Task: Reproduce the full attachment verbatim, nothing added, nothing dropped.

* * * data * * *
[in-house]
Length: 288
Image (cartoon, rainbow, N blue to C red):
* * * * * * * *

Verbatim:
[in-house]
Length: 288
Image (cartoon, rainbow, N blue to C red):